Schools closed, flights were canceled and much of the U.S. shut down as bone-chilling temperatures swept across the Midwest and freezing temperatures engulfed the South over the past few days -- as we all know.
Most people are probably so sick of hearing the words "polar vortex" that they don't want to hear them again in this lifetime. But before we write these words off forever, let's take a more comical look at this historic deep freeze and explore some of the most unusual, wackiest headlines that have emerged.
You know it's freezing outside when a prisoner escapes, but quickly turns himself back in because of the cold. Yes, one Kentucky prisoner successfully escaped from the Blackburn Correctional Center
on Sunday, but walked into a motel and turned himself in the next day, AP reports. Temperatures in Lexington dropped to a painful -20 degrees Fahrenheit on Monday and he was only wearing pants, a shirt and a jacket.
(Photo by Elizabeth Thomsen/Flickr Creative Commons)
Anana, a 12-year-old polar bear at Chicago's Lincoln Park Zoo, couldn't even handle the Arctic temperatures that hit the Windy City. With temperatures dipping to -40 degrees Fahrenheit on Monday, Anana was kept
inside a climate-controlled environment. Because Anana isn't fed a typical Arctic polar bear diet of seals and whale carcasses
, she lacks the up-to-five-inch fat layer that wild polar bears have, a zoo spokeswoman told AP.
Anana wasn't the only zoo animal brought indoors. At the National Aviary in Pittsburgh, bald eagles and African penguins
were "taken off exhibit" until temperatures rose, reports CNN.
(Photo by Ralph Lee Hopkins via Getty Images)
Okay, so the polar vortex might have made people go crazy. Yes, it's awesome to watch boiling water instantly appear as mist because it's frozen into tiny ice particles
, but how many times are people going to throw boiling water into the air and then watch it freeze -- and scald themselves?
If you missed the hype, Buzzfeed's comical round-up
of people tweeting, filming and scalding themselves over the past few days can get you up to speed. "Tried to do the boiling water trick but the water burned my hand and I dropped the cup and it broke... Fail would be an understatement," tweeted one adventurist, as featured on Buzzfeed. This "experiment" has been so popular that many news organizations, from Time
to the Los Angeles Times
, have even reported on the fad.
(Photo by Jody/Flickr Creative Commons)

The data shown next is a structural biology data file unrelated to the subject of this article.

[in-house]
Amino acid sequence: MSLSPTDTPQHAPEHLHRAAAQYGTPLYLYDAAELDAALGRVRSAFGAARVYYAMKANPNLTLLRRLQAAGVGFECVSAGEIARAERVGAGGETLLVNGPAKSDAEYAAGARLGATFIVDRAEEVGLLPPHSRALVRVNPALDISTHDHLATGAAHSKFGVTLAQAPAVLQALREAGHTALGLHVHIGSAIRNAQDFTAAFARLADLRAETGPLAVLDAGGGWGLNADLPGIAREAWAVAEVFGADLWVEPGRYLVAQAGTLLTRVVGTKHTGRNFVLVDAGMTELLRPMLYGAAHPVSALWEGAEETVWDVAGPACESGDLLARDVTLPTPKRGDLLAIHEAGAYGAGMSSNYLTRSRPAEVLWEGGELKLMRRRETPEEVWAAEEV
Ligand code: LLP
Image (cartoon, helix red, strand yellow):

Residents of Toronto and around Ontario have been hearing loud explosions and experiencing mild earthquake-like conditions over the past few days. But they're not explosions, sonic booms or earthquakes themselves; instead, they're cryoseisms, or "frost quakes
They occur when rain and water seep underground and freeze. "Water expands when it freezes, and when it expands in frozen soil, it literally puts a lot of stress on that dirt
and will release that energy all of a sudden, very much like an earthquake releases that energy and shifts the ground,” meteorologist Natasha Ramsahai told City News.
Fortunately, frost quakes occur rarely, aren't a threat to people and are localized, explained Outside magazine.
(Photo by David Cooper via Getty Images)
Last week, Winnipeg, Manitoba was colder than Mars (seriously) on December 31, and it's not the only place to experience other-worldly temperatures.
Temperatures in Chicago, the Midwest and into Canada dipped well below sub-zero
with the wind chills on Monday and Tuesday. According to a Smithsonian blog, the Red Planet has been experiencing temperatures around -13 and -24 degrees Fahrenheit recently
, warmer than many locations in North America.
But, relatively speaking, the polar vortex doesn't hold a candle to Mars: Temperatures there can range from 70 to -225 degrees Fahrenheit.
(Photo by NASA/Getty Images)
This Arctic air mass also caused extreme temperature inversions. On Monday, Memphis was 20 degrees colder than Anchorage, Ala.
; Atlanta was colder than Moscow, Russia; and Nashville was colder than Albany, New York. On Tuesday, Marianna, Fla. was two degrees colder
than Anchorage. Yet in the week leading up to vortex, there was a 115-degree difference
between Florida and Minnesota. Needless to say, southerners were probably in a bit of a shock on Monday and Tuesday.
(Photo By Matt Stroshane/Bloomberg via Getty Images)
What do beet juice, cheese brine, molasses and potato juice have in common? They're all unconventional methods being tested to thaw roads during frigid weather
, according to AP. Plain salt is basically ineffective under 16 degrees, so these methods will provide easy access -- and often cheaper and healthier
-- alternatives. Let's just hope roads don't start smelling cheesy and runoff doesn't turn purple.
(Photo by John Moore/Getty Images)